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NLog with ILogger in .Net 6.0 Web API

still using this image. I think, I will just use this forever.

There are several .Net things that are essential, but, they keep flying under the radar. One of those things is logging.

A few years ago, I was working for a real estate company in UK, remotely from India, of course. We had issues with figuring out where int he 250 step process was a simple process crashing. I had to spend hours and hours debugging the thing.

Then, I ended up building a simple logging library of my own. and, we started tracking the issues much faster.

But.

I forgot to use ILogger. Now, it’s time to look at NLog, one of the many logging libraries available for .Net.

As always, the code is here.

Why NLog?

My lifelong policy is do more with the absolute minimum. I chose NLog because the library has fantastic documentation. It took me only a few minutes to understand how to get the library working with .Net Web API. As a bonus, the documentation was updated to .Net 6.0.

Thank you NLog guys.

Further, Remember Microsoft already has the excellent ILogger interface. The whole point of using a provider such as NLog, is so that, you can do extra things, like writing to files.

Microsoft does not provide any providers that write to file. However, they do have providers that write to Azure services.

In this demo, I am only looking at writing to a file. I am confident, NLog can be used to write to wherever you want — online service like Azure Application Insights or a local database like SQLite or an online Azure SQL Server. Really, the options are endless.

Setting It Up

You know, by far the most confusing thing about using NLog was the exact Nuget Package to use. It’s probalby just me. Then again, this is my medium publication where I write about feelings and thoughts and despair.

Eventually, I got the right package.

<PackageReference Include="NLog.Web.AspNetCore" Version="4.14.0" />

Logging happens at a higher level. I mean, you start logging even before your run your web api.

So, your Program.cs looks something like this.

I want to point out this specific line.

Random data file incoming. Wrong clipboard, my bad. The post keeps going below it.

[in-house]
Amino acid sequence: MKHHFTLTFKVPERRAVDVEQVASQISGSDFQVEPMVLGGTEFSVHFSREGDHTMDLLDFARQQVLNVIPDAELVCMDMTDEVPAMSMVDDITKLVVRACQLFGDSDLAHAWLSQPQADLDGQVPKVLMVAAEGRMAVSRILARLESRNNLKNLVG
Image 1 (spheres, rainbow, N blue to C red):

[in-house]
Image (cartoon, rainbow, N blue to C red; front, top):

builder.Services.AddTransient<GenericHelper>();

This helps me use the Logger outside the controller. For example, like this.

Now, at this stage, you need to understand that we are banking on dependency injection to kick in. You will be doing this in the API Controller of course.

New to DI? Try one of my DI posts.

In my example, I am logging directly from within the controller. I also end up logging outside the controller. This is useful because, ultimately, you want your controller to look sleek and simple. You want to put all your actual code outside the controller.

I mean, you are using Test Driven Development write?

Log Output and Files

In the current example, I am writing all the logs to a simple file. You see, NLog uses a configuration file. It dictates where the logs get written into.

In the above configuration, the log files will be located in ‘C:\temp’ folder.

If all goes well, you will see output which looks something like this.

And, that’s all there is to it.

Final Note

It would be super cool, if I could get this working with Azure Application Insights or push it to some kind of an event service build alerts and all that.

You should do that. If I end up doing it, I will definitely post it here.

I work as a full time freelance coding tutor. Hire me at UpWork or Fiverr or Stack Overflow. My personal website is here. Find more of my art at Behance and Unsplash. Also, I have a Podcast about everyday life. And, a 2nd Podcast, where I talk about freelancing.

I have been tutoring for a while now. I write some quick tips, tutorials and related topics here.

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Jay

Jay

Freelance Tutor — Coding, Generative Art and Photoshop. Full Name : Vijayasimha BR

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